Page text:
Open Philanthropy Project donations made (filtered to cause areas matching Global poverty)

This is an online portal with information on donations that were announced publicly (or have been shared with permission) that were of interest to Vipul Naik. The git repository with the code for this portal, as well as all the underlying data, is available on GitHub. All payment amounts are in current United States dollars (USD). The repository of donations is being seeded with an initial collation by Issa Rice as well as continued contributions from him (see his commits and the contract work page listing all financially compensated contributions to the site) but all responsibility for errors and inaccuracies belongs to Vipul Naik. Current data is preliminary and has not been completely vetted and normalized; if sharing a link to this site or any page on this site, please include the caveat that the data is preliminary (if you want to share without including caveats, please check with Vipul Naik). We expect to have completed the first round of development by the end of December 2019. See the about page for more details.

Table of contents

Basic donor information

ItemValue
Country United States
Affiliated organizations (current or former; restricted to potential donees or others relevant to donation decisions)GiveWell Good Ventures
Best overview URLhttps://causeprioritization.org/Open%20Philanthropy%20Project
Facebook username openphilanthropy
Websitehttps://www.openphilanthropy.org/
Donations URLhttps://www.openphilanthropy.org/giving/grants
Twitter usernameopen_phil
PredictionBook usernameOpenPhilUnofficial
Page on philosophy informing donationshttps://www.openphilanthropy.org/about/vision-and-values
Grant application process pagehttps://www.openphilanthropy.org/giving/guide-for-grant-seekers
Regularity with which donor updates donations datacontinuous updates
Regularity with which Donations List Website updates donations data (after donor update)continuous updates
Lag with which donor updates donations datamonths
Lag with which Donations List Website updates donations data (after donor update)days
Data entry method on Donations List WebsiteManual (no scripts used)
Org Watch pagehttps://orgwatch.issarice.com/?organization=Open+Philanthropy+Project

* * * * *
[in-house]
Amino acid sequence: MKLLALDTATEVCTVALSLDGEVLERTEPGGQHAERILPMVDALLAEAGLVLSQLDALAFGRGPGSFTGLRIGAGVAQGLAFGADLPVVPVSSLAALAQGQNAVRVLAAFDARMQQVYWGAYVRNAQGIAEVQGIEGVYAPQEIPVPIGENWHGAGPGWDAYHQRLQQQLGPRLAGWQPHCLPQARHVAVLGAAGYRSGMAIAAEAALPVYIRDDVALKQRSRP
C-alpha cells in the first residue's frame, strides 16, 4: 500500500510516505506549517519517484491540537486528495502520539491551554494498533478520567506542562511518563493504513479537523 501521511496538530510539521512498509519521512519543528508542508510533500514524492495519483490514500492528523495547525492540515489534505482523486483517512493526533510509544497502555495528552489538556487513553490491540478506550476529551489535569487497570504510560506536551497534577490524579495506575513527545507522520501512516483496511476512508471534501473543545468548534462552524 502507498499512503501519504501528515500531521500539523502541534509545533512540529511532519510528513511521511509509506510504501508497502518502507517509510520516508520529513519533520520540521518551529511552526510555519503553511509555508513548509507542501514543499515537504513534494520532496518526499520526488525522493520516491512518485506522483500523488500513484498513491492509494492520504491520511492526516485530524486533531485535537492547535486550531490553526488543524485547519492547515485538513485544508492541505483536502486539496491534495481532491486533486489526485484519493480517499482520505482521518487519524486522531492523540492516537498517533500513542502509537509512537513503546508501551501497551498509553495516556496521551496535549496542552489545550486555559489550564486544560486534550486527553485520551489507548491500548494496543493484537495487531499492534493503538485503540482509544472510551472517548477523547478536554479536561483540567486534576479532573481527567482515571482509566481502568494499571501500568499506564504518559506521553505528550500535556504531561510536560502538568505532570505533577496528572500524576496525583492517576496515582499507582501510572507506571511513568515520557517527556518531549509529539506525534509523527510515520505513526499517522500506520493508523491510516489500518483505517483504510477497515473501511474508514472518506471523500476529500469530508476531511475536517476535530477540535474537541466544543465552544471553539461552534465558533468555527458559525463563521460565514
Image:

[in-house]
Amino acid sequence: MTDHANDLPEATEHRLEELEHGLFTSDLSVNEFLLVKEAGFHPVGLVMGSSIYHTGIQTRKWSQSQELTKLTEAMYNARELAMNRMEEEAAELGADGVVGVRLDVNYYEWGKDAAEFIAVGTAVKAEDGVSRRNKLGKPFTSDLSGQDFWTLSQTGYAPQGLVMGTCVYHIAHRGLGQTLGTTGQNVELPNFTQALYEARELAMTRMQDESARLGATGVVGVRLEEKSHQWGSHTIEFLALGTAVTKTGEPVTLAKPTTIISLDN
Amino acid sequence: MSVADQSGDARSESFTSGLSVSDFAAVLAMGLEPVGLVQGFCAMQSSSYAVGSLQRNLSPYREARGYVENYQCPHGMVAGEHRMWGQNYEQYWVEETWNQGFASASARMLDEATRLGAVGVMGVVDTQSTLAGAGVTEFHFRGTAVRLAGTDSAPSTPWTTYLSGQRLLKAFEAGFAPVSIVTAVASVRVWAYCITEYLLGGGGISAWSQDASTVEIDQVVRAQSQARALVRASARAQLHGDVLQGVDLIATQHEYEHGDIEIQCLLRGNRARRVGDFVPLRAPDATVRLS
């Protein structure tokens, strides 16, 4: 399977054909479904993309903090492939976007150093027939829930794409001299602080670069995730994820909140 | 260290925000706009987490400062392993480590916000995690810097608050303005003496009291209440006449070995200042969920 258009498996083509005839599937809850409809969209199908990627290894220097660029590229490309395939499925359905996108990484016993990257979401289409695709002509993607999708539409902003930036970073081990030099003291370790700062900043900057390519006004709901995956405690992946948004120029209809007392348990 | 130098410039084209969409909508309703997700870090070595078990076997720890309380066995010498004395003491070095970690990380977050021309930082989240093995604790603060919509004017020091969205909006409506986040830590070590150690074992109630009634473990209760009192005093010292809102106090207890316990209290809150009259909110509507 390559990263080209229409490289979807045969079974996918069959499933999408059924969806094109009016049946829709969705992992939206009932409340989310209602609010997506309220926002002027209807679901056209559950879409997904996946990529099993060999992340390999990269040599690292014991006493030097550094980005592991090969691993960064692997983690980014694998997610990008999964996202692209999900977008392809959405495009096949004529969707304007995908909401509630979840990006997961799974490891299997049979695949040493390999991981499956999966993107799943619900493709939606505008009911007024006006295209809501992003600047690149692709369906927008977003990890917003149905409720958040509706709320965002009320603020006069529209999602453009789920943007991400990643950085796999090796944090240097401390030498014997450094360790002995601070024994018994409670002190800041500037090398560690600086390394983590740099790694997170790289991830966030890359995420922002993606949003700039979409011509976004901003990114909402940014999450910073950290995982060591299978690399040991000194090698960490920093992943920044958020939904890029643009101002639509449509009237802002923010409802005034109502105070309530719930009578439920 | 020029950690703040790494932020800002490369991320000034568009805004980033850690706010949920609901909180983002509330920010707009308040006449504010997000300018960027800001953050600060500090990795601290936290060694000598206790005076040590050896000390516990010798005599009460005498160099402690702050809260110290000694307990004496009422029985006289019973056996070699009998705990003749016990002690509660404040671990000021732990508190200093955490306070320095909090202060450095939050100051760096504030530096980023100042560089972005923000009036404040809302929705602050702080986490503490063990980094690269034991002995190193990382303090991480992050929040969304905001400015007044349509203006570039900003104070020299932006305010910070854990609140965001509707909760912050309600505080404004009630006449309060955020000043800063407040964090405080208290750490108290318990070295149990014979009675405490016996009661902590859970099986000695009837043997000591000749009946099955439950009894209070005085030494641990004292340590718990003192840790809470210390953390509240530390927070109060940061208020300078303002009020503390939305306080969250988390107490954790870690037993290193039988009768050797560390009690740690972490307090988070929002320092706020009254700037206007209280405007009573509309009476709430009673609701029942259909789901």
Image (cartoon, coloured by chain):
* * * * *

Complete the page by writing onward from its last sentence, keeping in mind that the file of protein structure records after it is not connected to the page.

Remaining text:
Brief history: The Open Philanthropy Project (Open Phil for short) spun off from GiveWell, starting as GiveWell Labs in 2011, beginning to make strong progress in 2013, and formally separating from GiveWell in June 2017

Brief notes on broad donor philosophy and major focus areas: The Open Philanthropy Project is focused on openness in two ways: open to ideas about cause selection, and open in explaining what they are doing. It has endorsed "hits-based giving" and is working on areas of AI risk, biosecurity and pandemic preparedness, and other global catastrophic risks, criminal justice reform (United States), animal welfare, and some other areas.

Notes on grant decision logistics: See https://www.openphilanthropy.org/blog/our-grantmaking-so-far-approach-and-process for the general grantmaking process. Every grant has a grant investigator that we call the influencer here on Donations List Website; for focus areas that have Program Officers, the grant investigator is usually the Program Officer. The grant investigator has been included in grants published since around July 2017. Grants usually need approval from an executive; however, some grant investigators have leeway to make "discretionary grants" where the approval process is short-circuited; see https://www.openphilanthropy.org/giving/grants/discretionary-grants for more. Note that the term "discretionary grant" means something different for them compared to government agencies, see https://www.facebook.com/vipulnaik.r/posts/10213483361534364 for more

Notes on grant publication logistics: Every publicly disclosed grant has a writeup published at the time of public disclosure, but the writeups vary significantly in length. Grant writeups are usually written by somebody other than the grant investigator, but approved by the grant investigator as well as the grantee. Grants have three dates associated with them: an internal grant decision date (that is not publicly revealed but is used in some statistics on total grant amounts decided by year), a grant date (which we call donation date; this is the date of the formal grant commitment, which is the published grant date), and a grant announcement date (which we call donation announcement date; the date the grant is announced to the mailing list and the grant page made publicly visible). Lags are a few months between decision and grant, and a few months between grant and announcement, due to time spent with grant writeup approval